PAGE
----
One possible complication when performing esthetic dentistry is the staining of a tooth preparation underneath a ceramic crown. The discoloration of the tooth may appear through the ceramic restoration, leading to an unfavorable esthetic outcome. Two possible causes of tooth discoloration include discoloration of a tooth preparation following endodontic treatment or following contamination with ferric sulfate hemostatic agent.
Tooth discoloration following endodontic treatment
The various materials used during the course of endodontic treatment, such as intra-canal irrigants, medicaments, endodontic fillings materials and cements, all possess the ability to stain the tooth structure under the right conditions. Sodium hypochlorite, a very commonly used irrigant has been shown to cause staining when used with other irrigating agents, most notably chlorhexidine (CHX). When used with CHX (gel or solution), the interaction results in the formation of a dark brown precipitate, which stains dentin and is also carcinogenic.1,2 Sodium hypochlorite also reacts with MTAD, which is a mixture of a tetracycline, an acid (commonly citric acid), and a detergent (causing brown and red-purple to yellow stains) or citric acid (causing white precipitate).1 When EDTA is mixed with sodium hypochlorite there is no precipitate, however, when it is mixed with CHX, a cloudy blue hue is formed (Fig. 1). Various measures can be taken to prevent staining, such as incorporating a thorough rinse between each agent. Saline, sterile water, absolute alcohol, and sodium ascorbate have all been suggested as potential rinsing agents.1
Intra-canal medicaments lead to staining if left in the pulp chamber for longer than required. Leadermix and triple antibiotic paste, the two most used medicaments, both contain tetracyclines and cause grey-brown and blueish-grey stains respectively.1 Both grey and white MTA have been shown to stain the tooth structure grey if they contain bismuth oxide as their radiopacifier. However, there are some brands of MTA-based materials which have shown a lower incidence of staining, such as Biodentine (Septodont) and Endosequence Root Repair Material (Brasseler).3 Other medicaments that cause staining include formocresol and iodoform-based products.1
Gutta-percha is the most often used core filling material and causes a light pink discoloration. Of the different cements used in root canals, most cause a grey (AH-26, Sealapex, Kerr pulp canal sealer) or orange-pink (Grossman zinc oxide and eugenol, Tubli-Seal, Roth’s 801) stain.1 Use of metallic materials such as pins, posts, and amalgam in post-endodontic therapy can also cause staining. It’s important to note that all these intra-canal agents cause staining only if left in the pulp chamber or in any portion of the tooth coronal to the gingival margin. The best way to avoid staining is to ensure that no material is left coronal to the root canals during treatment and immediate and thorough removal of them if it does.1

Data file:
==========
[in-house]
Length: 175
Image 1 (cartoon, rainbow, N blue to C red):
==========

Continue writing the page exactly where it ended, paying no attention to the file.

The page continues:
The most commonly seen discoloration, however, is the one seen with improper access cavity preparation which leaves behind remnants of the pulp tissue, especially in the pulp horns. The red blood cells in this tissue break down into hemosiderin or hematin which release iron. This iron reacts with hydrogen sulfide to form ferric sulfide, which is a black precipitate and leads to grey discoloration of the tooth structure.1
Staining caused by endodontic procedures may be treated with internal bleaching (Figs. 2-4) either prior tooth preparation, following tooth preparation, or in place of tooth preparation.
Tooth discoloration following ferric sulfate hemostatic agent
Tooth discoloration may also occur following exposure to ferric sulfate containing hemostatic agent. The explanation for this discoloration is that dentinal tubules may be exposed by contact with acidic ferric sulfate or phosphoric acid. Ferric ions are then embedded in dentinal tubules from further exposure with the ferric sulfate hemostatic agent. The ferric ions are reduced to a black-colored, insoluble ferric sulfide following a reaction with anaerobic bacteria in saliva.4,5 Clinically, this staining may occur during a crown preparation procedure if the dentin is etched with phosphoric acid prior to bonding a build-up. The tooth is then exposed to ferric sulfate hemostatic agent prior to taking an impression. Finally, the tooth comes into contact with anaerobic bacteria if there is microleakage underneath the temporary crown.
In order to further test this hypothesis, an experiment was performed in our laboratory in which extracted teeth were exposed to phosphoric acid, ferric sulfate hemostatic agent, and then saliva. After 5 days of storage, a thick black precipitate was formed on the tooth. Then several methods were tested to prevent the formation of the stain or remove the stain once it was formed.